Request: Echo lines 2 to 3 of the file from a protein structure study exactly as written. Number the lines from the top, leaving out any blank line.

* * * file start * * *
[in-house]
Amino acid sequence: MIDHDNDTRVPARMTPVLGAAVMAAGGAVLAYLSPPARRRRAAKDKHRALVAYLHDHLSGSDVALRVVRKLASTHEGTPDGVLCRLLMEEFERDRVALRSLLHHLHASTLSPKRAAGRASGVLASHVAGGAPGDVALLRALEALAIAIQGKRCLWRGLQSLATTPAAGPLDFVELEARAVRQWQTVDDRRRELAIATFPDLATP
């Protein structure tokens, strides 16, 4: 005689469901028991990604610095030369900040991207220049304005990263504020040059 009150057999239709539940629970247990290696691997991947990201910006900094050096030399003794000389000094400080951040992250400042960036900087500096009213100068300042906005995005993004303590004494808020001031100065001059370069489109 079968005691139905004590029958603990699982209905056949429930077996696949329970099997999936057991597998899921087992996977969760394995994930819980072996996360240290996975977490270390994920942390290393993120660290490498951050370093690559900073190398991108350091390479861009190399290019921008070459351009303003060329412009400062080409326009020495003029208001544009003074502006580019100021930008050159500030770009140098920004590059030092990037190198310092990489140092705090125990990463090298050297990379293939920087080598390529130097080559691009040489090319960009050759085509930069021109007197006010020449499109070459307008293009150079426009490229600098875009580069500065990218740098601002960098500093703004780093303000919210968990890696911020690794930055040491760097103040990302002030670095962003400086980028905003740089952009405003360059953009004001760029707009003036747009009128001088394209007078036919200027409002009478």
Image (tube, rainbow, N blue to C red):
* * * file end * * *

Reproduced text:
Amino acid sequence: MIDHDNDTRVPARMTPVLGAAVMAAGGAVLAYLSPPARRRRAAKDKHRALVAYLHDHLSGSDVALRVVRKLASTHEGTPDGVLCRLLMEEFERDRVALRSLLHHLHASTLSPKRAAGRASGVLASHVAGGAPGDVALLRALEALAIAIQGKRCLWRGLQSLATTPAAGPLDFVELEARAVRQWQTVDDRRRELAIATFPDLATP
């Protein structure tokens, strides 16, 4: 005689469901028991990604610095030369900040991207220049304005990263504020040059 009150057999239709539940629970247990290696691997991947990201910006900094050096030399003794000389000094400080951040992250400042960036900087500096009213100068300042906005995005993004303590004494808020001031100065001059370069489109 079968005691139905004590029958603990699982209905056949429930077996696949329970099997999936057991597998899921087992996977969760394995994930819980072996996360240290996975977490270390994920942390290393993120660290490498951050370093690559900073190398991108350091390479861009190399290019921008070459351009303003060329412009400062080409326009020495003029208001544009003074502006580019100021930008050159500030770009140098920004590059030092990037190198310092990489140092705090125990990463090298050297990379293939920087080598390529130097080559691009040489090319960009050759085509930069021109007197006010020449499109070459307008293009150079426009490229600098875009580069500065990218740098601002960098500093703004780093303000919210968990890696911020690794930055040491760097103040990302002030670095962003400086980028905003740089952009405003360059953009004001760029707009003036747009009128001088394209007078036919200027409002009478």